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MindTheGap
10-19-2007, 02:32 AM
This is a really fun problem. My teacher assigned it to us last week and the first person that got it correct got an iTunes gift card.

Somebody already won, so I thought I'd post the problem here to see if you guys can get it!

The number below is a composite. It is the product of two prime numbers. Just like 21 is equal to 7 times 3, the number below is equal to the product of two primes.

1,435,334,297,627,885,237,510,222,145,546,396,275,688,036,595,057,651,576,302,853

Your job is to find the two primes that when multiplied, the result is the above number.

ralph l mayo
10-19-2007, 08:38 AM
Someone got it? Did they use a quantum computer? I was under the impression that prime factorization for numbers that large was computationally infeasible. Unless I'm missing something about this particular number, which is a likely scenario.

awsomejoe23
10-21-2007, 12:22 AM
I'm sure they could have a simple algorithm that utilized some sort of numerical pattern in in the product of prime numbers.
For example, just now thinking about it
9 * x
first_digit =
x - 1

second_digit =
the difference between (x and 9) +1
Or at least I think so, just came up with that, :)
My point being you could reverse that, as well as any formula for multiplying 2 prime numbers.

Joe

EDIT: looked around real quick, and I found this
"all prime numbers can be written as (6n+1) or (6n-1)."
You could do
(6n +or- 1) * (6x +or-1) = 1,435,334,297,627,885,237,510,222,145,546,396,275,688,036,595,057,651,576,302,853
then use foil, to get it down, then use simple substitution, or elimination to find the answer. (but that would take too long, I would look for some sort of patterns)

oracleguy
10-21-2007, 10:22 AM
To find a value of n that met that equation would require a lot of processing power.

I am also curious how this student figured it out.

10-21-2007, 04:39 PM
It's possible that the student used the theory, k-almost-prime in order to make it at least slightly more computably feasible.

There are a couple theories out there on how to get a prime number in a shorter time rather then worrying getting it exactly. A quick google search turned up two for me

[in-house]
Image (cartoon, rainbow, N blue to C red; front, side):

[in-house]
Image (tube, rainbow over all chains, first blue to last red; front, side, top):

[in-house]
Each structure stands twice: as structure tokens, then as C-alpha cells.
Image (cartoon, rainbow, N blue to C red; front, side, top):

Almost Prime (http://en.wikipedia.org/wiki/Almost_prime)
Eratosthenes (http://www.math.utah.edu/~alfeld/Eratosthenes.html) <-- that one doesn't seem feasible tho..

Interesting Applet (http://www.cryptographic.co.uk/factorise.html)

Inigoesdr
10-21-2007, 05:44 PM
Or the student didn't find it, and the OP wants that gift card. :D

marek_mar
10-21-2007, 08:32 PM
Someone got it? Did they use a quantum computer? I was under the impression that prime factorization for numbers that large was computationally infeasible. Unless I'm missing something about this particular number, which is a likely scenario.
That number is not really that big. It's "only" 200 bits. The smallest number to factorize in the RSA factoring challenge had 330 bits and was factorized in 1991.

marek_mar
10-21-2007, 09:25 PM
Actually I've already found them. It took my Core 2 Duo 5 minutes:
1159604909814835281776480024219 * 1237778734359686514332712408287 = 1435334297627885237510222145546396275688036595057651576302853
Though I didn't write the thing that actually did it.

ralph l mayo
10-21-2007, 11:09 PM
That number is not really that big. It's "only" 200 bits. The smallest number to factorize in the RSA factoring challenge had 330 bits and was factorized in 1991.

Ah yeah, you're right. It certainly *looks* that big, though :]